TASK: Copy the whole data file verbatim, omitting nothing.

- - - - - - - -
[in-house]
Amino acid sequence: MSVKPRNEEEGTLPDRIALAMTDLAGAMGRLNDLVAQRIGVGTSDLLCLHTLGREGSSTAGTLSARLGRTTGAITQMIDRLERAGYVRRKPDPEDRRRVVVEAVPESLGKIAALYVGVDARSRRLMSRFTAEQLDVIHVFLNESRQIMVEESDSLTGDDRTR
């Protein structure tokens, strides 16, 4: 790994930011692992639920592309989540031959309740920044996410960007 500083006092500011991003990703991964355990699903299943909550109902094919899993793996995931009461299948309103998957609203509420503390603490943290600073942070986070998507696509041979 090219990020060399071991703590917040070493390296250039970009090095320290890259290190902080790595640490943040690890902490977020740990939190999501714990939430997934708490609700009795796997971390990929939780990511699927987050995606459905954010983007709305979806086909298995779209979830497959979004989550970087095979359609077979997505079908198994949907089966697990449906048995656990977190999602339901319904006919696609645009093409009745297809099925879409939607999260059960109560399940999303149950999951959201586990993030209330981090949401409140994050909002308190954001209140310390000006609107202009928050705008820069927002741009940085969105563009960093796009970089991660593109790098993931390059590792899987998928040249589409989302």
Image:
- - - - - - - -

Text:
[in-house]
Amino acid sequence: MSVKPRNEEEGTLPDRIALAMTDLAGAMGRLNDLVAQRIGVGTSDLLCLHTLGREGSSTAGTLSARLGRTTGAITQMIDRLERAGYVRRKPDPEDRRRVVVEAVPESLGKIAALYVGVDARSRRLMSRFTAEQLDVIHVFLNESRQIMVEESDSLTGDDRTR
């Protein structure tokens, strides 16, 4: 790994930011692992639920592309989540031959309740920044996410960007 500083006092500011991003990703991964355990699903299943909550109902094919899993793996995931009461299948309103998957609203509420503390603490943290600073942070986070998507696509041979 090219990020060399071991703590917040070493390296250039970009090095320290890259290190902080790595640490943040690890902490977020740990939190999501714990939430997934708490609700009795796997971390990929939780990511699927987050995606459905954010983007709305979806086909298995779209979830497959979004989550970087095979359609077979997505079908198994949907089966697990449906048995656990977190999602339901319904006919696609645009093409009745297809099925879409939607999260059960109560399940999303149950999951959201586990993030209330981090949401409140994050909002308190954001209140310390000006609107202009928050705008820069927002741009940085969105563009960093796009970089991660593109790098993931390059590792899987998928040249589409989302």
Image: